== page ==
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Find out about

of the Air Training Corps

With almost 36,000 cadet members, aged from 13 to 20 years, within over 1,000 Squadrons, the ATC is one of the country's premier youth organisations and the world's largest youth air training organisation. The cadets are supported by a volunteer staff of nearly 10,000 plus 5,000 Civilian Committee Members.

The Air Training Corps was originally formed as the Air Defence Cadet Corps (ADCC) in 1938 by Air Commodore J A Chamier, whom is regarded as the 'Father of the ATC'. His love of aviation and his tremendous capacity for hard work was such that, following his retirement, he became the Secretary-General of the Air League - an organisation made up of people who could see a bright future for aviation and who wanted to make the British public aware of its potential. Against a background of rising interest in aviation and with the clouds of war beginning to form over Europe, Air Commodore Chamier thought of the idea of starting an aviation cadet corps. He knew that in the 1914-1918 war, in desperate moments, hand picked young men with only a few hours of training were sent to do combat in the air - only to fall victim to well trained enemy aviators. He knew also that the winning of air power would need the services of many highly skilled and highly trained men using the best equipment and that the sooner such training could be started the better.

His idea was to attract and train young men who had an interest in aviation, from all over the country. He planned to set up Squadrons of young cadets in as many towns and cities as possible, and ask local people to organise and run them.

Each squadron's aim was to prepare cadets for joining the RAF or the Fleet Air Arm. They tried to give the cadet as much Service and aviation background as possible as well as giving instruction in drill, discipline, how to wear the uniform and how to behave on RAF stations. The training the cadets received also meant development of personal physical fitness, games and athletics, especially cross country running and long route marches, soon became standard squadron activities. Cadets were also encouraged to take part in activities such as shooting, camping and of course flying. By 1939 the activities of the ADCC were severely restricted because of the approach of World War II. Many ADCC instructors and squadron officers were called up into the regular Service. Buildings were commandeered by either the Service or by local government for war work and cadets went to work on RAF stations. Cadets were used to carry messages, they helped with clerical duties, inproviding extra muscle in handling aircraft and in the movement of stores and equipment. They filled thousands of sandbags and loaded miles of belts of ammunition.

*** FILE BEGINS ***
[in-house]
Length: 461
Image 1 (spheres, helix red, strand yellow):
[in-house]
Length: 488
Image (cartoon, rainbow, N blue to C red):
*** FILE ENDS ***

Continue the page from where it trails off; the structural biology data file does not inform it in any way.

Throughout the early stages of the war, the government received many good reports as to the quality of cadet entering the RAF and the Fleet Air Arm. It was so impressed that it asked the ADCC to begin training young men who were waiting to be called into service. The ADCC willingly took on this very responsible job and in a very short space of time produced thousands of well qualified individuals who went on to pass quickly through basic training. Towards the end of 1940 the government realised the true value of the work done by the ADCC and agreed to take over its control. This meant a large number of changes to the corps and in fact brought about the birth of a completely new organisation, called the Air Training Corps.

The ADCC changed its name to the Air Training Corps on 5th February 1941. King George VI agreed to be the Air Commodore-in-Chief, and a Royal Warrant was issued, setting out the Corps' aims. The crest of the ATC (shown right) was also approved by the King, with its motto as 'VENTURE ADVENTURE'. In 1945 the ATC was formally made part of the RAF, by becoming part of RAF Reserve Command. This helped the ATC enormously, because instead of being just an organisation with close links to the RAF, it now formally became part of it.

The Air Training Corps is the Commonwealth's largest and highest achieving operator of the Duke of Edinburgh's Award Scheme - in fact, the first ever Gold award was gained by an Air Cadet. At any one time there are 15,000 cadets participating in the scheme, and 3000 Air Cadets per year gain gold, silver and bronze awards. Incidentally, HRH Prince Philip is the ATC's current Air Commodore-in-Chief.

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World War II ATC Flight Sergeant
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Last updated
Saturday 1 December, 2012 17:14

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